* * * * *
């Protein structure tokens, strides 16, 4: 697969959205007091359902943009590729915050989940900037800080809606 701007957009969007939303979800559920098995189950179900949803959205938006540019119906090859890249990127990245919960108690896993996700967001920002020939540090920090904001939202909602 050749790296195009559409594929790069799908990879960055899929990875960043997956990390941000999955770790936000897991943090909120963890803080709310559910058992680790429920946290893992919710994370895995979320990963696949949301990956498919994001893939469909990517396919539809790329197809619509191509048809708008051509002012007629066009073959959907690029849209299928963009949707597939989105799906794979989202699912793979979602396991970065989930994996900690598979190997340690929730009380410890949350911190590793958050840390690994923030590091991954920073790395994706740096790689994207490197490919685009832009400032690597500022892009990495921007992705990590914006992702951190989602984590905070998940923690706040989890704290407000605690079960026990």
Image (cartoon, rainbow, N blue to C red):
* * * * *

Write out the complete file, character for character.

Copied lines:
């Protein structure tokens, strides 16, 4: 697969959205007091359902943009590729915050989940900037800080809606 701007957009969007939303979800559920098995189950179900949803959205938006540019119906090859890249990127990245919960108690896993996700967001920002020939540090920090904001939202909602 050749790296195009559409594929790069799908990879960055899929990875960043997956990390941000999955770790936000897991943090909120963890803080709310559910058992680790429920946290893992919710994370895995979320990963696949949301990956498919994001893939469909990517396919539809790329197809619509191509048809708008051509002012007629066009073959959907690029849209299928963009949707597939989105799906794979989202699912793979979602396991970065989930994996900690598979190997340690929730009380410890949350911190590793958050840390690994923030590091991954920073790395994706740096790689994207490197490919685009832009400032690597500022892009990495921007992705990590914006992702951190989602984590905070998940923690706040989890704290407000605690079960026990």
Image (cartoon, rainbow, N blue to C red):